Darren Black Bear and Jason Pickel, who are both of Native American descent, were issued a marriage license from the Cheyenne and Arapahoe Tribal Court, which does not specify gender in its marriage laws. The two men asked to be issued a marriage license as far back as 2009, but at that time because of the Federal Defense of Marriage Act they were denied.
According to Cheyenne and Arapahoe Tribal Spokesman Lisa Liebl, in order to be issued a marriage license by the tribe, both spouses must be of Native American descent and live within the jurisdiction of the tribe.
So why is it that even though they live within the state of Oklahoma, they were still allowed to marry? This is because Native American tribal law, such as that of the Cheyenne and Arapahoe tribes, is separate from the law of the state(s) wherein the tribes and/or reservations are located. With the collapse of DOMA then, the people who live within the jurisdictions of those tribes, and who were married according to tribal laws, become eligible for a slew of federal marital benefits, including social security, tax, and medical benefits, for which they were heretofore ineligible.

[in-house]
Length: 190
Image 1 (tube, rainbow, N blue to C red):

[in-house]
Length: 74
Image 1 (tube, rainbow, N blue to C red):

Restrictions on same-sex marriage continue to be challenged by different parties, and more and more jurisdictions continue to strike down prohibitions and restrictions on same sex marriage. Marriage licenses for same sex couples are, for example, now being issued in New Jersey, where up until last week only civil unions were allowed. In Pennsylvania, same-sex marriage is still prohibited, but the ACLU lawsuit challenging the PA Defense of Marriage Law is continuing to progress.
Our PA family lawyers are keeping a close eye on developments involving same sex marriage legislation and court challenges. Contact us today with any questions you may have!